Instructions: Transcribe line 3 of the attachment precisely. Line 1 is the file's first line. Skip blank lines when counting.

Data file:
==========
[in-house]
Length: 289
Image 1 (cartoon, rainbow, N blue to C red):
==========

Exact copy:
Image 1 (cartoon, rainbow, N blue to C red):